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Henri Waelbroeck seems to fit the popular image of the scientist transplanted into the world of high finance and hedge fund trading, the sort of stereotype found in books like "The Fear Index" by Robert Harris.
Waelbroeck, director of research at machine learning-enhanced trade execution system Portware, was previously a professor at the Institute of Nuclear Sciences at the National University of Mexico (UNAM). His areas of expertise include: complex systems science, quantum gravity theories, genetic algorithms, artificial neural networks, chaos theory.
The impression Waelbroeck conveys is one of precision. He explains that algorithms have grown in complexity since being introduced to the world of trading around 2000. This has made it increasingly difficult for traders to understand each vendor's full algorithm platform and how to optimally select an algorithm for each particular trade that comes in from a portfolio manager. Portware leverages artificial intelligence to help traders use execution algorithms and in some cases provides automated execution solutions that select the optimal control parameters on algorithms.
"Our work really has focused on two objectives: the first is to find an optimal execution schedule for each trade, and the second is to interact with the order flow more efficiently to avoid the harmful effects of high frequency trading (HFT)," Waelbroeck told IBTimes.
Applying machine learning to mitigate the harmful effects of HFT is dynamic process which involves controlling the parameters on execution algorithms, avoiding the orders sent to the market essentially being taken advantage of by automated trading systems.
Waelbroeck said this is done by building prediction models that predict the forward order flow in the market and then select algorithms determined to operate efficiently in the expected future order flow.
Order flow is the process by which price moves. A market participant or group of market participants execute enough market orders in sufficient size to consume the liquidity of the best bid and offer at a given and time and as a result the price moves.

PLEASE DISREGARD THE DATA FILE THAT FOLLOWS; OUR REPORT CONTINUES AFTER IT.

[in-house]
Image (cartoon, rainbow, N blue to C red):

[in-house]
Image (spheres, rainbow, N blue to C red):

Waelbroek said: "If you are buying stock, and you could make a prediction that there is likely to be more orders hitting the bid side of the spread in the next five minutes, you should be able to operate an efficient algorithm that only posts limit orders and collects the spread as it executes. Whereas, using an algorithm that crosses the spread would be wasteful since you expect order flow to be coming your way."
Waelbroeck said it is essential for the market to mix different sources of order flow; it's always been one of the functions of the market and it continues to be today with HFT.
"I think the important points to bear in mind, as far as regulations are concerned (I'm not going to walk into those waters too much), but I think it's important to make sure that institutional traders and HFT traders have access to the same order types and the same types of tools.
"We certainly regard our development of sophisticated methods to optimise the control of execution algorithms as a natural response to the emergence of HFT in enabling institutional traders to protect themselves from potential harmful effects of HFT, so they can benefit from their liquidity most effectively without suffering potential harmful consequences."
Regarding a response to HFT, Waelbroeck pointed out that Portware's modus operandi is to anticipate, not to react. "If you want to deal effectively with HFT or Alpha Profiling, you need to have a forward looking view of what's coming ahead, so you really have to have a design mandate to focus on prediction modelling over the horizon where your decisions are going to take effect, to assist the traders with optimal decision recommendations that are based on an understanding of the most likely outcomes of the decision."